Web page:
Ally Dommu: And then, the next more tangible step is if you are taking action to change your brand, maybe you’re working on key messages or you’re changing the name of your organization, maybe you’re doing a website overhaul to make it more accessible, is that you include community members in that process itself. So, let’s say you have a working group involved in overhauling your organization’s messaging. What’s the representation of the community in that group? Maybe you are forming an official working group. Can you invite community members to be a part of it or potentially invite them to take some time to provide input to a draft of an idea? Maybe you have a few options that you’re considering for a logo. So, building in that time to include community voices in the process of brand development. Those are a couple things that first come to mind.

Farra Trompeter: Great. Now, you made a point in your post that I just want to make sure we discuss and really leave folks some time to reflect on, which is that before you start executing some of the things you just listed to involve your community, you need to first start by establishing new practices or reviewing existing ones to make sure that you’re respecting and valuing the community’s time and labor. What are some of the practices that organizations should put into place?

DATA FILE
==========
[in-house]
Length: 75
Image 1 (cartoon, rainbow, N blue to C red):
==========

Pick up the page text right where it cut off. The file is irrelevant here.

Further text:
Ally Dommu: Yes. Before you jump into involving your community in the brand, make sure you have a couple practices in place so that you are really focusing on respecting and valuing their time and labor, right? Working on a brand, representing a brand, providing input, that’s all a lot of work and labor, and you want to make sure that you are fairly and equitably compensating your community for that work. So the two big things I would say to focus on are your practices around consent and then your practices around compensation. So, for consent, it’s important to be mindful about how you ask folks to contribute, ensuring that you express that community members have every right to say no in this process. So develop some defined rules and workflows to ensure that the stories you’re telling about your community members are done so ethically. So you can ask folks to share their experience to come forward and look for enthusiastic consent. That is something that Nel Taylor, who I’ve quoted in my post, had shared and recommended.